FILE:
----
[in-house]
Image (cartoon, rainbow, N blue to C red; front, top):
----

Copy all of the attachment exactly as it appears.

[in-house]
Image (cartoon, rainbow, N blue to C red; front, top):